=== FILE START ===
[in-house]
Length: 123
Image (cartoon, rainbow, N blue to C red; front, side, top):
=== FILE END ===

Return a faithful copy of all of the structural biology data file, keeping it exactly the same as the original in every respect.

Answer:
[in-house]
Length: 123
Image (cartoon, rainbow, N blue to C red; front, side, top):